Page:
Which is why the announced topic of the final stanza is so critical – The small nouns. The deer, these deer certainly & in some sense all others, exist not in “the wild,” but rather in this in which they stare back at us – through language. Escher-like in its process, the poem unveils itself at last not to be about deer, but about language. That they are there! – the final line of the first stanza now takes on a powerful new meaning that both is & is not an assertion of nature’s immanence.
The poem literally stands Hirsch’s assertion – that Oppen seeks “to restore meaning to language by faithfully using it to refer outward to a world of things” – on its head. The poem is an analog to Wordsworth’s crossing of the alps in The Prelude, looking into nature only to see his mind, unable to get beyond. The poem argues against the restoration of something that never existed in the first place, a transparent language.
gets the poem exactly backwards. And it’s a misreading, I would argue, that
occurs in good part because he wants to take Oppen out of context, right there
in his very first sentence, to make of Oppen something he
* Which is why, I suppose, the column is not the newspaper standard 700 words.
** Why can’t newspaper typesetters get this right, even on the web? The mangling of poetic form seems to be journalism’s primary contribution to the history of poetry.
*** Indeed, it is an anthology piece for Oppen in part for the same reason that “The Yachts” is one for Williams – it is the poem those who don’t like his more “extreme” works can get into, because it looks deceptively familiar.
Labels: School of Quietude
Monday, November 24, 2003
My sock puppet, my self.
The cult of the person casts a long shadow in the history of poetry: Whenever I speak, I speaks, as Creeley put it. From Dante’s poems to Beatrice, a love that would have gotten Roman Polanski or Michael Jackson into trouble, to Jack Spicer’s letters to Lorca, the poem with an intimate you has long been a text with a presumptive I. From Sappho’s love poems to Catullus’ far more sardonic fare, where there is a you, there is an I, a we, a universe of relations posed sometimes by no more than the simplest pronoun.
problem I once broached under the heading of “ventriloquism” in a piece, “Who
Speaks” – not, you will note, a question – that
Conceptual poetics is by definition problematic. When, during the last days of the Soviet state, Dmitri Prigov tore poems into pieces & then sealed the pieces inside envelopes, the role of the text & whole hosts of questions concerning literary “value,” even of the idea of value, were thus invoked. Be Somebody similarly pokes a very hard finger into the chest of Western literary assumptions. Consider, for example, this poem entitled – not numbered – “4.”
I: Hi. How am I?
I: I am fine. How am I doing?
I: Great. My me and me just bought a me up in me.
I: Is that so? I live in me too.
I: Well, that's terrific. I'll be neighbors! Say, me and I would love to have me and my me over for me sometime after the me is over.
I: Great! I think I'll take me up on that. I'm in a terrible me and I've got to run. Say 'hello' to me for me, will I?
I: OK, I'll take care. See me later.
There is a Steinian level of play here, but even more active is the
setting up of the pronoun as jarring: this is only half-hidden by the joke of
the ego-centric that underscores this
0: Hi. How are?
0: Are fine. How are doing?
0: Great. And just bought a up in.
0: Is that so? Live in too.
0: Well, that's terrific. Be! Say, and would love to have and over for sometime after the is over.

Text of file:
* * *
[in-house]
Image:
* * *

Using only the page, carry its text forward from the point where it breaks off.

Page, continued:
0: Great! Think take up on that. Are in a terrible and got to run. Say 'hello' to for, will?
0: OK, take care. See later.
of texts in Be Somebody is fairly wide, all the way from the epistolic to poems that border
on nursery rhymes. One hears not so much echoes of Bernstein, nor of, say, Alan
What's going on here before your eyes, on this page? Yes, I am talking to you. Is it after the end of our world? Where has everyone gone? Please reply. Speak louder, I cannot hear you. I know everyone, as I know someone, or at least that is knowledge of many and one good enough for them. What they say, everyone, is what they say. Everyone is one, yes, someone, so one is many and many, one. You read that once, in a dream, but you have forgotten it. You are everyone, you are sleeping as one, as many things, all slowing down. Everyone turns at least once each night. Please reply. Speak louder. Normally everyone is what they say. Everyone is someone, or so they say. Or so that's what they say because someone has disappeared from this page and our world is at an end. I am talking to you, only you. Everyone. Someone. Please reply. I cannot hear you. Only silent things are said after the end of our world.
In the manuscript version, at least, the cover of Be Somebody offers us a mask, specifically the hockey mask of B-horror flick fame. If we want to know who speaks, we are told Simon says. And there are poems here with stanzas like this:
01 50ld 01's 5p1r1t f0r 4 9h05t,
c0rp0r4t3 v0c4t10n, c045t t0 5cr34m1n9
c045t 4nd 1t 15n't cl34r, th3 5p3ct3r
0f th3 n34rly l1v1n9, th3
I read that as:
I sold I’s spirit for a ghost,
corporate vocation, coast to screaming
coast and it isn’t clear, the specter
of the nearly living, the
Like somebody who understands that what makes Moby Dick great is all that stuff about whales, Be Somebody is difficult in the way the very best books are – it challenges our desire for the familiar (and nothing is more familiar than my pronoun, not even my name) & holds on like a pit bull with lockjaw for the entire trip, in this instance 58 pages.
Someday, someone is going to publish this book & then we will all have to deal with Lester’s intimate striptease of the self. Until then, it will remain – like the full-length version of Mark Peters’ Men – one of the great rumors of contemporary poetry. Lester has his website. But you have to read the book.
Sunday, November 23, 2003